I suggest that this unrighteousness is the stain or record of unrighteousness that is attached to some of our efforts to build on the foundation that Jesus laid (1 Corinthians 3:11-15) and that remains in the Book of Works (Revelation 20:12) until we pass through the Judgment/Bema Seat of Christ. Jesus referred to this judgment in Revelation 22:12, “Look, I am coming soon! My reward is with Me to give to each one according to his work.” The Apostle Paul described the process of this judgment in this way: “For no one can lay another foundation than that which was laid, which is Jesus Christ. Now if anyone builds on this foundation with gold, silver, precious stones, wood, hay, or stubble, each one’s work will be revealed. For the Day will declare it, because it will be revealed by fire, and the fire will test what sort of work each has done. If anyone’s work which he has built on the foundation endures, he will receive a reward. If anyone’s work is burned, he will suffer loss. But he himself will be saved, still going through the fire” (1 Corinthians 3:11-15). Thus, I propose that the purposes of the judgment that Christians will undergo between death and heaven (Hebrews 9:27) are to 1) purify them from all unrighteousness pertaining to their works that do not survive the test, and 2) reward them for their works that do survive the test. Once purified, they can now pass into heaven with their good works without bringing any unrighteousness with them.

Paul used the analogy of the well-known (at that time) process of purifying precious metals with refining fire (1 Corinthians 3:11-15) to help us understand the nature and purpose of the Judgment/Bema Seat of Christ, and his analogy works very well. Another analogy, perhaps one which is more familiar to us in this day and age, would be a water purification filter. We use such a filter to remove undesirable, chemical contaminants from water while allowing the water itself to pass through freely. More specifically, the contaminants are bound (stuck) to the filter, but the water is not. Thus, when we drink the purified water, we are not contaminating our bodies. Similarly, the Judgment/Bema Seat of Christ “cleanses us from all unrighteousness” (1 John 1:9), and we can pass through the judgment without contaminating heaven.

So, while we will probably not enjoy having our works exposed and tested in this manner, we should, nonetheless, look forward to this judgment, because that is what will keep heaven pure when we enter into our final and eternal destination. And, we just might receive a reward from Jesus for some of our works!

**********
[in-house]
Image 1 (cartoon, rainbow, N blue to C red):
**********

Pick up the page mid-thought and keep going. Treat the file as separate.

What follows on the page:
(To read more of my articles on biblical topics, click HERE)

 

 

A Day to Remember

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A Day to Remember

 James R. Aist

We all have our “good days” and our “bad days.” Most days it seems to be a mixture of the two. And so it is with me, as well. However, there is one particular day in my life that stands out far above all the other good days I have had. This day came together for me in the Spring of 1971, while I was a Ph.D. student in Plant pathology at the University of Wisconsin, Madison.

As I was soon to graduate with a Ph.D., I had been busy preparing for the next logical steps in my career and my family. Applications for a Postdoctoral Fellowship at the Swiss Federal Institute of Technology in Zurich, Switzerland, had been sent in. Job applications had been made to a couple of prestigious institutions with strong programs in Plant Pathology. My wife and I were trying for our first baby, as I was soon to be earning a suitable salary to support a family. Of course, I didn’t know either if or when any of these aspirations would be realized, but I did my best to make them all happen in the near future. I was optimistic, as is my nature.

After several months of anxious waiting, the unbelievable became reality, all in one morning: first, I got a letter in the mail from the National Institutes of Health, and they offered me a full-ride Postdoctoral Fellowship for Switzerland; next, I got a phone call from the Chairman of the Department of Plant Pathology at Cornell University offering me a tenure-track faculty position that was literally tailor-made for me (I kid you not!) at a starting salary of $11,000 per year; and finally, my wife walked into my cubicle and announced that she was pregnant with our first child!

Well, needless to say, I was truly amazed, overwhelmed and rendered mentally useless for productive work the remainder of the day, so I shared the good news with my Major Professor and went home to bask in the avalanche of good news that God had blessed me with that morning. It was hard to believe, but it really was true.

However, there was still one potential “fly in the ointment” that had to be resolved before I could benefit fully from all these blessings: my job offer and my Postdoctoral Fellowship were both scheduled to begin in September of that year. So, I called the Department Chairman at Cornell and asked if I could go ahead and accept the Postdoctoral Fellowship and start my job at Cornell in September of 1972 instead of 1971. “Sure”, he said, “Go ahead and get your postdoctoral training in Zurich first, and we’ll hold your job for you in the meantime.” Wow, I was delighted that it was all going to work out just as I had hoped! But, this fairytale-like adventure didn’t end there. When I returned to the U.S. to assume my faculty position at Cornell, there was a letter in my mailbox from the Department Chairman stating that he was including me in the salary-increase program for the year I was in Zurich, and my new starting salary would be increased from $11,000 to $12,000 per year; I got a salary increase before I even started work at Cornell!

I truly am a blessed man, and I give God all of the praise and all of the glory for the favor that had to come my way in order for all this to happen as it did. And His timing is impeccable!

(To enjoy more of my short stories, click HERE)